Perhaps you heard the story of Mark Smith, 59, who was arrested at a bank in Watsonville, Calif., three years ago. Mr. Smith allegedly demanded $2,000 and threatened to set off a bomb if he didn't get the cash. The quick-thinking bank manager suggested that Mr. Smith consider borrowing the money instead. So, she went to retrieve a loan application and called the police while she was away from the counter. When the police arrived, Mr. Smith was busy filling out the loan application.
If you're short on cash, I don't recommend Mr. Smith's approach. Borrowing from your bank is a better option (but skip the part where you threaten the bank employee), or consider borrowing from your employer. A loan from your employer could be considered a perk that forms just another part of a creative and tax-efficient compensation package. Let me explain.
You could save interest costs if a loan from your employer is made at a lower interest rate than you'd pay on other loans. You may have to include a taxable interest benefit in your income, but you're still bound to enjoy savings. How much will your taxable benefit be? Simple. It's calculated as our tax law's prescribed interest rate minus the actual rate of interest you pay. By the way, if you're paying interest to your employer, you've got to make those payments during the year or within 30 days following the end of the year (Jan. 30).
Take Bianca as an example. She wants to buy a new car. She needs to borrow $20,000 to make the purchase. If Bianca approaches her employer, who agrees to lend her the $20,000 at no interest, what is Bianca's taxable benefit? It amounts to $200, which is simply 1 per cent (the current prescribed rate of 1 per cent minus the interest she pays on the loan – which is nil) of $20,000. This taxable interest benefit will appear on Bianca's T4 slip. Her true cost of borrowing is just $92 (the tax on the $200 benefit assuming a 46-per-cent marginal tax rate). If Bianca had borrowed from another lender at, say, 5 per cent, she would have paid $1,000 in interest. Bianca would save $908 ($1,000 minus $92), or about 4.5 per cent (of the $20,000) in cash savings, just by borrowing from her employer.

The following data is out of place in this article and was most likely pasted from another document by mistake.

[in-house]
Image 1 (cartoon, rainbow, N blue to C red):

If Bianca's employer charges her, say, 2 per cent on the loan, she'd have no taxable benefit at all if the prescribed rate remains at 1 per cent. In this case, her taxable benefit would be nil, and the interest paid to her employer would cost her $400 (2 per cent of $20,000). Compared to the $1,000 she'd pay to another lender, she'd save $600, or 3 per cent in interest savings.
If the rate of interest charged by Bianca's employer is equal to or greater than commercial rates available, she'd face no taxable benefit, even if that rate is lower than the prescribed rate under our tax law.
If your employer lends you money to buy or refinance a home, some special rules apply. And these rules will work to your advantage. In this case, the prescribed rate used to calculate your taxable interest benefit will be either the rate in effect at the start of the loan or the current prescribed rate, whichever is less. The loan is deemed to be a new loan every five years. As a result, the prescribed rate in effect at that time will be the maximum rate for the next five years.
There's more good news if the purpose of your loan was to buy a home because of a job relocation (rather than to refinance your existing home). In this case, the tax collector will allow you to claim a deduction for the taxable interest benefit on the first $25,000 of the loan. This interest deduction is available only for the first five years of the loan and, to qualify, your relocation must have moved you at least 40 kilometres closer to your new work.
If you borrow from your employer to invest, to buy a car for use in your work, or for some other purpose that normally provides you with the ability to deduct interest, you'll be entitled to claim a deduction for all or part of the taxable interest benefit. Hey, even where you haven't paid your employer any interest, the amount of the resulting taxable interest benefit is considered by the tax collector to be interest paid, and may entitle you to a deduction.